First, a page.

For the first time in 21 years of knowing that they had to deal with the phenomenon of global warming, nearly 200 nations were on the verge of “recognising that climate change represents an urgent and potentially irreversible threat to human societies and the planet and thus requires the widest possible cooperation by all countries, and their participation in an effective and appropriate international response, with a view to accelerating the reduction of global greenhouse gas emissions and also recognising that deep reductions in global emissions will be required in order to achieve the ultimate objective of the Convention and emphasising the need for urgency in addressing climate change .”

Finally when Laurent Fabius struck the specially designed green gavel, the most memorable achievement of the Paris agreement was that “it aims to strengthen the global response to the threat of climate change by pursuing efforts to limit the temperature increase to 1.5 °C above pre-industrial levels.”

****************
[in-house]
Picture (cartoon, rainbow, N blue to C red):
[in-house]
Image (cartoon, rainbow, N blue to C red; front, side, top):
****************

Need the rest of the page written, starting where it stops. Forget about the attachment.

- Read the whole comment on Sanctuary Asia

Tuesday, December 22, 2015

A beginner's guide to what transpired at the Paris climate summit



What did you bloody greenies do ? What is this Paris climate deal?
After 21 years of haggling and delays, governments of the world collectively agreed to take action domestically and internationally to tackle climate change by cutting their carbon emissions/ The “Paris package” to which the legally binding instrument – the “Paris agreement” – is annexed aims to contain the increase in the global average temperature to “well below 2°C above pre-industrial levels and to pursue efforts to limit the temperature increase to 1.5°C above pre-industrial levels” – a more ambitious goal than had been expected. This new climate deal will come into force in 2020.